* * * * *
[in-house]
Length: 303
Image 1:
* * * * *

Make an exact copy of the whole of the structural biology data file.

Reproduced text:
[in-house]
Length: 303
Image 1: